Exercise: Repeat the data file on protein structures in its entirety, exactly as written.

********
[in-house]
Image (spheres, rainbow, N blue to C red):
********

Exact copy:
[in-house]
Image (spheres, rainbow, N blue to C red):